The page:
Because the hot summers and chilly winters around Fort Wayne can place a heavy load on your air conditioner and furnace, it pays to invest in your home's energy efficiency. Weatherizing windows is one of the simplest and most cost-effective ways to do that.
With summer behind us and fall already heading toward winter, now's the time to start completing fall maintenance tasks in your Fort Wayne area home. One of the most important tasks is sealing air leaks while preparing for winter.
Spring is here, so summer's not too far away. After a tough winter here in the Ft. Wayne area, you know that your HVAC system has been working extra hard to keep your house warm. With hot weather on the way in the next couple of months, you’ll soon be seeking the comfort of your air conditioner. That's why there's no time like the present to schedule seasonal maintenance on your A/C system.
Perhaps you've lived comfortably in your Fort Wayne-area home for years, but you're thinking about selling your home now or sometime in the next several years. Energy efficiency upgrades may be a major upfront investment, but they can easily add appeal and value for potential buyers down the road.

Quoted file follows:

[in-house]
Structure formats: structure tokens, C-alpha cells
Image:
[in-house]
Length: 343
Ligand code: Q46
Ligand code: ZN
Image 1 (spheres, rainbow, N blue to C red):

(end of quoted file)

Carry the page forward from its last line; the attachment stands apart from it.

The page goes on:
You know your home has adequate insulation against winter’s chill. You also had your heating equipment cleaned and serviced. Finish the energy efficiency plan by following this guide to weatherstripping your Fort Wayne area home.
Rather than gasping when you receive your monthly energy bill, use a few winter energy-saving tips to keep cold-month home costs at bay. Some measures aren't as obvious as others; however, it's important to do everything you can to reduce your bills, maintain a comfortable home, and contribute to a greener planet. Try these winter energy-saving tips (and appreciate the fact that most of them will also reduce your cooling bills in the summer):
Many people make a habit of warming their car up by turning on the ignition and letting the car run for a while inside their garage when the air turns chilly. Even if the overhead garage door is left open while the car is running, carbon monoxide (CO) quickly accumulates in the enclosed space, and lingers after you have shut the garage door and pulled away. Air quality engineers estimate that it could take as little time as two minutes or less for lethal concentrations of the colorless, invisible fumes to fill the space. When the garage is attached to your house, any trapped CO can seep from the garage into your home and remain there for hours.